Tuesday, May 07, 2013

Years Of Doing Nothing: Trouble in Magalluf

Something that was conveniently ignored when there was all the absurd ballyhoo regarding the BBC's "Truth About Magalluf" documentary was the fact that it is not only the British media which takes an interest in the seamier side of Mallorcan tourism. Germany's is pretty keen to as well. And so is the Spanish, which includes, therefore, Mallorcan.

The attitude towards Magalluf among Mallorcans is far from positive. I don't recall a Mallorcan ever having had a good word to say about the place. There must be some, maybe those who make a living from Magalluf's tourism, but the resort's name has been dragged through as much local mud as it has foreign mud.

For the Mallorcan, Magalluf is drunkenness and hooliganism, and primarily British drunkenness and hooliganism. The average Mallorcan may never have even been to Magalluf because, rather like pompous Brits who manage to pontificate about Magalluf despite never having set foot in the place, they have no desire to be confronted by lagered-up, tattoo-ed-up moronism. This average Mallorcan can express his or her displeasure, despite being in close proximity to similar moronism elsewhere. And it's not just moronism. There are all those tacky bars in Magalluf, aren't there, of which of course there are no examples anywhere else in Mallorca.

Fair do's, Magalluf is extreme in that its excesses are worse than other resorts. This much is undeniable, but its extremism and its excesses are partly the consequence of a laxity that exists all over Mallorca, one that has, for years, permitted or turned a blind eye to poor behaviour, drunkenness, prostitution and illegal street-selling. Magalluf is the repugnant tip of a not always pleasant iceberg. A key reason for it having become this tip is that there will always be specific locations in which there is a concentration of the less than pleasant. It just so happens that Magalluf is Mallorca's.

The season barely underway, and there are already reports concerning the resort's prostitutes. One has been arrested for attacking attacking two British tourists, striking one on the back with a beer bottle, and stealing their mobiles. Everyone knows that these prostitutes are not on the game but are mobile mobile-robbers and robbers of anything else they can lay their hands on. Calvià town hall has made much of its intention to get to grips with the problem this summer, and maybe it will. But it is a problem that has arisen through a build-up over several years of what was initially just roguish petty criminality (that of the looky-looky men with their fake gear) into something rather more serious.

Magalluf bears the brunt of this more serious crime because of what it is. Clean it up, though, and will the problem go away or will it just go elsewhere? Things have a habit of doing so. Take scratch card, time-share touts. They were driven out and so turned up in Puerto Alcúdia, and it took a few years for them to be moved on; the particularly aggressive ones, that is.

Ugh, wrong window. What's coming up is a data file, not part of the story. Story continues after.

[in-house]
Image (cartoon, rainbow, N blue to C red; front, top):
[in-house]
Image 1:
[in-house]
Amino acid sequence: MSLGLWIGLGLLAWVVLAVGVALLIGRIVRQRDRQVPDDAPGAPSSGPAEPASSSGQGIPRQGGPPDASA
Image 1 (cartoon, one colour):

The police, far from being idle or far from deserving criticism for being inactive, have a devil's own job. As do town halls. Street criminals can be picked up, they can be slung in a cell, but then what? They rarely have means to pay fines. They often have no fixed abodes. What do the police do with them? They could denounce them, haul them up in front of a judge, ask for a prison term, but they would end up costing money. They could request their deportation, but how long would that procedure take? How much would it cost? No, the police deserve an awful lot of sympathy.

Where there can be criticism for inaction dates back many years. It was a failure way back when to come to terms with the relatively minor street-selling infractions of the lookies which has now spiralled up to what can occur in Magalluf. This failure was not only one of officialdom, it was one also of tourists, who played along with the looky game, and of residents, among whom were and are Mallorcans, who would happily buy fake goods and still do buy them.

Magalluf is, therefore, a localised culmination of historical blind-eyeing. And because it's Magalluf and because also of the BBC ballyhoo, the Spanish media are even more on the case. Another report just into the season speaks of the "hooligans" having returned. It also speaks of counting 25 street-sellers (lookies, in other words) and 15 Asian massage girls. Shocking? Of course not. You can go to somewhere genteel like Puerto Pollensa and you would be able to count similar numbers were you to hang around long enough. And the reason why is because nothing was done years ago.

Any comments to andrew@thealcudiaguide.com please.

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